Pope Francis speaks with former U.S. President Bill Clinton in a video call during a meeting of the Clinton Global Initiative in New York, Sept. 18, 2023. (CNS screengrab/Courtesy Clinton Global Initiative)
Kicking off a global meeting of leaders, Pope Francis told former U.S. President Bill Clinton and the global community to take action to ensure peace for future generations and stop climate change "before it's too late."
Opening the 2023 Clinton Global Initiative meeting of leaders in New York City Sept. 18, Clinton asked the pope, connected by video call, what ordinary people can do to address society's towering problems.
"We are in need of a great and shared assumption of responsibility," the pope said, adding that "no challenge is too great if we each meet it with personal conversion and the personal contribution that each of us can make to solve it from an awareness of what makes us part of one destiny."
"Difficulties can bring out the best or the worst in us," he said. "Therein lies our challenge: fighting selfishness, narcissism, division, with generosity and humility."
Started in 2005, the Clinton Global Initiative aims to bring leaders to create and implement solutions to the world's most pressing challenges. Participants for 2023 included U.S. Treasury Secretary Janet Yellen, California Gov. Gavin Newsom and former British Prime Minister Tony Blair. The topics were to include climate change, implementing artificial intelligence, health care accessibility, migration and economic justice.
In his opening talk, Francis elaborated on the need to confront together the principal challenges facing society, particularly the "winds of war that blow across the world" and the climate crisis.
"It is time for the weapons to cease, for us to return to dialogue, to diplomacy. For the plans of conquest and military aggression to cease," he said. "That is why I repeat: No to war, no to war."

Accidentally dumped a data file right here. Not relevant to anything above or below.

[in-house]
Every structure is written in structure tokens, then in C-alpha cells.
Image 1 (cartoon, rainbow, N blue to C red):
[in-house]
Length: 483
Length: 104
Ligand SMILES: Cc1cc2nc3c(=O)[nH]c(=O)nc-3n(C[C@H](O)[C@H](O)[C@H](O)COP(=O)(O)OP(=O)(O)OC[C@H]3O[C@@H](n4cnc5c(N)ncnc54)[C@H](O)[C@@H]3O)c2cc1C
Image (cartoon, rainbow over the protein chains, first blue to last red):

The pope also urged the leaders to "work together to stop ecological catastrophe before it's too late," again sharing that he decided to write another document on the subject eight years after the publication of his encyclical "Laudato Si', On Care for Our Common Home." The document, which Francis has said will be an apostolic exhortation, is expected to be released Oct. 4, the feast of St. Francis of Assisi.
The pope said that when people speak about migration, it is important to remember that they are not talking about numbers, but people.
"When we think of migration, let's think of the eyes of the children we find in refugee camps," he said.
He also recalled the work of the Vatican-owned Bambino Gesù pediatric hospital, where children from around the world are given free medical care — including more than 2,000 Ukrainian children who fled their country with parents or relatives.
"It's evident that our great little hospital cannot solve the problems of sick children in the whole world," he said. "However, it wants to be a sign. A testimony of how it is possible, in the midst of so many efforts, to combine great scientific research aimed at curing children and the free welcome of those in need."
Clinton thanked the pope for his remarks and told him, "You make us all feel empowered, and perhaps that is your greatest power as the pope, that you make everybody — even people who aren't members of the Roman Catholic Church — feel that they have power and therefore responsibility."
Francis closed by saying he was concerned about the situation of children worldwide and the fight against climate change. "Let us take action before it is too late," he repeated.
The pope met with Clinton and an 11-person delegation during a private audience July 5 in his residence, the Domus Sanctae Marthae. Vatican News reported at the time that the meeting "was held in private" and did not provide the names of those in the delegation, however, it said "the topic discussed was peace."